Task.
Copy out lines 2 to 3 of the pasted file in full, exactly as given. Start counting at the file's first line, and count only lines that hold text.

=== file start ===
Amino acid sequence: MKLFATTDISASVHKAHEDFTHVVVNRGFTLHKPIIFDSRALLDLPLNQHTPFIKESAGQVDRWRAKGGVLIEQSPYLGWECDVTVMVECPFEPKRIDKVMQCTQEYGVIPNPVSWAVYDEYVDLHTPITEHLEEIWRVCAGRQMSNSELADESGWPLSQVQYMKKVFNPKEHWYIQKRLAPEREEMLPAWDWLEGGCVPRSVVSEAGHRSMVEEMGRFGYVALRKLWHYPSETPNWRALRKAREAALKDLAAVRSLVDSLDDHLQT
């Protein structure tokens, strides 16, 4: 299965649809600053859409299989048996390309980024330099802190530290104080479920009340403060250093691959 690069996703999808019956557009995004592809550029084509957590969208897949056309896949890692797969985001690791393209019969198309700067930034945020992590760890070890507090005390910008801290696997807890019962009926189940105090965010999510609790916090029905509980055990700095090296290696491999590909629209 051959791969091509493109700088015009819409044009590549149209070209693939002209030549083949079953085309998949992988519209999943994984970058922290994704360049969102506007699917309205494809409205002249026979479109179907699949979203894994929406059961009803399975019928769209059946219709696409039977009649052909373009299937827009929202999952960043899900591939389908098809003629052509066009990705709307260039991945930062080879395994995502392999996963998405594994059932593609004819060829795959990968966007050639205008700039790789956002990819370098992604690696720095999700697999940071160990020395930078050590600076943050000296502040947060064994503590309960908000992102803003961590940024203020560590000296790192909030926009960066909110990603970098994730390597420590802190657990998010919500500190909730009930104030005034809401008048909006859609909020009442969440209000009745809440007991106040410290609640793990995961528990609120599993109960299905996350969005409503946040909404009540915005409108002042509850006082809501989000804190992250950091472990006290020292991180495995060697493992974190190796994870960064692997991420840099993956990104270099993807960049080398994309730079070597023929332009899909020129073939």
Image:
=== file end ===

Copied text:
């Protein structure tokens, strides 16, 4: 299965649809600053859409299989048996390309980024330099802190530290104080479920009340403060250093691959 690069996703999808019956557009995004592809550029084509957590969208897949056309896949890692797969985001690791393209019969198309700067930034945020992590760890070890507090005390910008801290696997807890019962009926189940105090965010999510609790916090029905509980055990700095090296290696491999590909629209 051959791969091509493109700088015009819409044009590549149209070209693939002209030549083949079953085309998949992988519209999943994984970058922290994704360049969102506007699917309205494809409205002249026979479109179907699949979203894994929406059961009803399975019928769209059946219709696409039977009649052909373009299937827009929202999952960043899900591939389908098809003629052509066009990705709307260039991945930062080879395994995502392999996963998405594994059932593609004819060829795959990968966007050639205008700039790789956002990819370098992604690696720095999700697999940071160990020395930078050590600076943050000296502040947060064994503590309960908000992102803003961590940024203020560590000296790192909030926009960066909110990603970098994730390597420590802190657990998010919500500190909730009930104030005034809401008048909006859609909020009442969440209000009745809440007991106040410290609640793990995961528990609120599993109960299905996350969005409503946040909404009540915005409108002042509850006082809501989000804190992250950091472990006290020292991180495995060697493992974190190796994870960064692997991420840099993956990104270099993807960049080398994309730079070597023929332009899909020129073939």
Image: